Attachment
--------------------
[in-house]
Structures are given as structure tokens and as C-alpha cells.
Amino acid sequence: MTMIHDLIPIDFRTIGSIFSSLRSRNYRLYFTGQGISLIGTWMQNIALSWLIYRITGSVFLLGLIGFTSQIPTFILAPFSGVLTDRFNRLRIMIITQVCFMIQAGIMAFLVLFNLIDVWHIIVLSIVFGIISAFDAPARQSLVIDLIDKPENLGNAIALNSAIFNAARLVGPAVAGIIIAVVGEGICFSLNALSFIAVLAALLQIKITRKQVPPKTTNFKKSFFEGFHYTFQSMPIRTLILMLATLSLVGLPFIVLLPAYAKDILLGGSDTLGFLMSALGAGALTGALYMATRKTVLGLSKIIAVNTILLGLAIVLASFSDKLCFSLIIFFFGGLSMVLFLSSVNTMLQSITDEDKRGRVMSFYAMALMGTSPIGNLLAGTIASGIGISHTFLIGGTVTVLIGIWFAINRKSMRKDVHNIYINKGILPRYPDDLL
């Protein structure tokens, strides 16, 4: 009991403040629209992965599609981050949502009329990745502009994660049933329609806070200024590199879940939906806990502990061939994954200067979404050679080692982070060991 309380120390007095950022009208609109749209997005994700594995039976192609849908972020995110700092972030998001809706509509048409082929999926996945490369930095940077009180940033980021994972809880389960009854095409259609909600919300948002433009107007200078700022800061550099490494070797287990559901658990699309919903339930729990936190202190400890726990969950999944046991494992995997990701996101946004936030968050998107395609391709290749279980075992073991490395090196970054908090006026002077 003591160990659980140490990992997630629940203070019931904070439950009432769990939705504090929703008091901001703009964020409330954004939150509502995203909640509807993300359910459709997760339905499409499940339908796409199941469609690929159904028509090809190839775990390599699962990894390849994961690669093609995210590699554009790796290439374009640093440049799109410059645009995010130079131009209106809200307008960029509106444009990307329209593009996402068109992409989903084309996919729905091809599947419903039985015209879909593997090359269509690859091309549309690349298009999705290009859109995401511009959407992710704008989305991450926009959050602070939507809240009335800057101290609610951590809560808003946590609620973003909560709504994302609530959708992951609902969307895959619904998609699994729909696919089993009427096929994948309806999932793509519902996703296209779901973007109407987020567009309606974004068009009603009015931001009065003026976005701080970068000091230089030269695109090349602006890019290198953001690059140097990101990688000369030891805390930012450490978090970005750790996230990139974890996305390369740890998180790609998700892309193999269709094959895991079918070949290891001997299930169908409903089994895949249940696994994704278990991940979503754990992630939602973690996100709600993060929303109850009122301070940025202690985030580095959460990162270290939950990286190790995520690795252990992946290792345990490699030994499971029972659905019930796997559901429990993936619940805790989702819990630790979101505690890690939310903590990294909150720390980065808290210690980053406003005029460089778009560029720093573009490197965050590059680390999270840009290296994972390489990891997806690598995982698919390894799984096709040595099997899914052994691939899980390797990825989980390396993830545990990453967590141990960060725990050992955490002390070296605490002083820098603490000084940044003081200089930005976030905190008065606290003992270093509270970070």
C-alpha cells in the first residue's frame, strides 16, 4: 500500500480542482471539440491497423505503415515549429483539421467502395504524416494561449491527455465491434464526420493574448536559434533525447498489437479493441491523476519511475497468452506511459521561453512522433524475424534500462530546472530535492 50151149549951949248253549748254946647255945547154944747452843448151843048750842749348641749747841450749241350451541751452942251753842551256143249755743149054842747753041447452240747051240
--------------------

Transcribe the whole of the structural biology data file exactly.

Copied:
[in-house]
Structures are given as structure tokens and as C-alpha cells.
Amino acid sequence: MTMIHDLIPIDFRTIGSIFSSLRSRNYRLYFTGQGISLIGTWMQNIALSWLIYRITGSVFLLGLIGFTSQIPTFILAPFSGVLTDRFNRLRIMIITQVCFMIQAGIMAFLVLFNLIDVWHIIVLSIVFGIISAFDAPARQSLVIDLIDKPENLGNAIALNSAIFNAARLVGPAVAGIIIAVVGEGICFSLNALSFIAVLAALLQIKITRKQVPPKTTNFKKSFFEGFHYTFQSMPIRTLILMLATLSLVGLPFIVLLPAYAKDILLGGSDTLGFLMSALGAGALTGALYMATRKTVLGLSKIIAVNTILLGLAIVLASFSDKLCFSLIIFFFGGLSMVLFLSSVNTMLQSITDEDKRGRVMSFYAMALMGTSPIGNLLAGTIASGIGISHTFLIGGTVTVLIGIWFAINRKSMRKDVHNIYINKGILPRYPDDLL
């Protein structure tokens, strides 16, 4: 009991403040629209992965599609981050949502009329990745502009994660049933329609806070200024590199879940939906806990502990061939994954200067979404050679080692982070060991 309380120390007095950022009208609109749209997005994700594995039976192609849908972020995110700092972030998001809706509509048409082929999926996945490369930095940077009180940033980021994972809880389960009854095409259609909600919300948002433009107007200078700022800061550099490494070797287990559901658990699309919903339930729990936190202190400890726990969950999944046991494992995997990701996101946004936030968050998107395609391709290749279980075992073991490395090196970054908090006026002077 003591160990659980140490990992997630629940203070019931904070439950009432769990939705504090929703008091901001703009964020409330954004939150509502995203909640509807993300359910459709997760339905499409499940339908796409199941469609690929159904028509090809190839775990390599699962990894390849994961690669093609995210590699554009790796290439374009640093440049799109410059645009995010130079131009209106809200307008960029509106444009990307329209593009996402068109992409989903084309996919729905091809599947419903039985015209879909593997090359269509690859091309549309690349298009999705290009859109995401511009959407992710704008989305991450926009959050602070939507809240009335800057101290609610951590809560808003946590609620973003909560709504994302609530959708992951609902969307895959619904998609699994729909696919089993009427096929994948309806999932793509519902996703296209779901973007109407987020567009309606974004068009009603009015931001009065003026976005701080970068000091230089030269695109090349602006890019290198953001690059140097990101990688000369030891805390930012450490978090970005750790996230990139974890996305390369740890998180790609998700892309193999269709094959895991079918070949290891001997299930169908409903089994895949249940696994994704278990991940979503754990992630939602973690996100709600993060929303109850009122301070940025202690985030580095959460990162270290939950990286190790995520690795252990992946290792345990490699030994499971029972659905019930796997559901429990993936619940805790989702819990630790979101505690890690939310903590990294909150720390980065808290210690980053406003005029460089778009560029720093573009490197965050590059680390999270840009290296994972390489990891997806690598995982698919390894799984096709040595099997899914052994691939899980390797990825989980390396993830545990990453967590141990960060725990050992955490002390070296605490002083820098603490000084940044003081200089930005976030905190008065606290003992270093509270970070």
C-alpha cells in the first residue's frame, strides 16, 4: 500500500480542482471539440491497423505503415515549429483539421467502395504524416494561449491527455465491434464526420493574448536559434533525447498489437479493441491523476519511475497468452506511459521561453512522433524475424534500462530546472530535492 50151149549951949248253549748254946647255945547154944747452843448151843048750842749348641749747841450749241350451541751452942251753842551256143249755743149054842747753041447452240747051240